Types of sewing for bias that we can provide you

To achieve a quality finish, regardless of the type of bias sewing used, it is essential to have top quality bias tapes. At Byetsa, we have been specializing in bias tape manufacturing for over fifty years, and we know perfectly well what characteristics a bias tape must have to be of good quality.

We have two basic product lines: Fany and Byor, to meet the existing needs in the market across various sectors such as home, fashion, consumer goods, packaging, and industry.

We have a catalog of over 7000 references, ranging from classic designs to the most current ones. And not only that, but we also offer our customers the possibility of manufacturing fully customized bias tapes.

It is no coincidence that our tapes meet the quality standards of ISO regulations for all types of bias sewing: Byetsa’s commitment to quality is unquestionable.

types of sewing for bias

Types of bias sewing: what are they and how are they classified?

Before delving into the various categories of specific bias sewing, it is essential to understand the nature and function of these stitches. First, let’s define it: a seam is the result of joining two or more pieces of fabric, leather, or different materials through consecutive stitches.

These unions are essential in the world of design and garment making, and the versatility of Byetsa bias tapes is such that it caters to the demands of an impressive variety of sectors and industries.

A quality seam should not only be aesthetically pleasing but also functional and durable. In this regard, it is crucial to adhere to international standards, particularly ISO 4916:1991 regulations.

While in earlier times before this regulation, seams were categorized in a more basic way – such as flat, overlapped, stitched, and edge-finished – modern classification has evolved and become more comprehensive. Now, we find eight main types of bias sewing, which we will analyze in detail below.

Top stitching seams

Top stitching seams are a classic method in the world of garment making, where two or more pieces of material are overlapped before being joined. This technique involves sewing close to the edge, often using one or multiple rows of stitches, depending on the design need and desired durability.

This type of stitching is highly appreciated for the neat and clean finish it provides, and it is especially popular in delicate garments like lingerie. Furthermore, it is a common choice for T-shirts and other garments seeking a subtle and tidy finish without any bumps or rough edges in the seams. The choice of thread and sewing technique can vary depending on the material and the specific application of the garment.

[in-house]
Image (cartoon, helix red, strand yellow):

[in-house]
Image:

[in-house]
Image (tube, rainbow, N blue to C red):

Lapped seams

In lapped seams, two or more materials are overlapped and joined together with one or more rows of stitches. Within this type of seam, there are several options:

  • Flat: A strong seam with fabric edges, commonly used to reinforce jeans or garments prone to fraying.

  • French: Used for rain wear, jackets, and dresses.

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Bonded seams

Bonded seams are a refined technique that involves folding a binding strip over the edge of the material pieces to be joined. This technique not only provides a strong bond but also an aesthetic finish.

Once the binding strip is properly folded, both edges of it are stitched to the material using one or more rows of sewing, ensuring a perfect and uniform seal.

The result is a clean and neat edge that, due to its beauty and precision, can be left exposed without fear of it detracting from the garment. This type of stitching is especially appreciated in details like shirt necklines, where presentation and finish are paramount.

Flat seams

Flat seams are a special sewing technique where two fabric edges are aligned and joined through meticulously placed stitches. Instead of overlapping the edges as in other techniques, they are butted together, meaning they are placed side by side in a straight line and then stitched.

This technique is essential in garments where minimizing volume or thickness is crucial, such as in underwear or corsetry. By using flat seams, a smooth and flat junction is achieved, allowing the fabric to sit properly, avoiding discomfort or unwanted bulges, and providing the garment with a professional and comfortable finish for the wearer.

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Decorative sewing

Decorative or ornamental sewing represents a distinct category of bias sewing, serving not only as a functional means of joining but also as an added aesthetic element.

In these sewing techniques, the edges are embellished and protected through overcast stitches, providing an elegant and intricate finish. Their primary purpose is to provide refined edge finishes and they are often the preferred choice for creating polished hems or those “invisible” hems that are essential in garments where seams should not be visible, such as in fly fronts or inner linings.